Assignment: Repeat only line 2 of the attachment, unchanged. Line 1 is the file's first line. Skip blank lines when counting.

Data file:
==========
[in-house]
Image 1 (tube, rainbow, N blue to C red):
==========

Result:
Image 1 (tube, rainbow, N blue to C red):